A prefix string that is at least three characters long

     

    suffix

    An optional suffix. If null, .tmp is used

     

    directory

    The directory in which the file is created. If it is null, the file is created in the current working directory

  • boolean delete()

    tries to delete the file; returns true if the file was deleted; false otherwise.

  • void deleteOnExit()

    requests that the file be deleted when the VM shuts down.

  • boolean exists()

    true if the file or directory exists; false otherwise.

  • String getAbsolutePath()

    returns a string that contains the absolute path name. Tip: Use getCanonicalPath instead.

  • File getCanonicalFile() 1.2

    returns a File object that contains the canonical path name for the file. In particular, redundant "." directories are removed, the correct directory separator is used, and the capitalization preferred by the underlying file system is obtained.

  • String getCanonicalPath() 1.1

    returns a string that contains the canonical path name. In particular, redundant "." directories are removed, the correct directory separator is used, and the capitalization preferred by the underlying file system is obtained.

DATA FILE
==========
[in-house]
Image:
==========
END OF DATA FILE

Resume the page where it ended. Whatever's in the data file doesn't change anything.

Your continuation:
• String getName()

    returns a string that contains the file name of the File object (does not include path information).

  • String getParent()

    returns a string that contains the name of the parent of this File object. If this File object is a file, then the parent is the directory containing it. If it is a directory, then the parent is the parent directory or null if there is no parent directory.

  • File getParentFile() 1.2

    returns a File object for the parent of this File directory. See getParent for a definition of "parent."

  • String getPath()

    returns a string that contains the path name of the file.

  • boolean isDirectory()

    returns true if the File represents a directory; false otherwise.

  • boolean isFile()

    returns true if the File object represents a file as opposed to a directory or a device.

  • boolean isHidden() 1.2

    returns true if the File object represents a hidden file or directory.

  • long lastModified()

    returns the time the file was last modified (counted in milliseconds since Midnight January 1, 1970 GMT), or 0 if the file does not exist. Use the Date(long) constructor to convert this value to a date.

  • long length()

    returns the length of the file in bytes, or 0 if the file does not exist.

  • String[] list()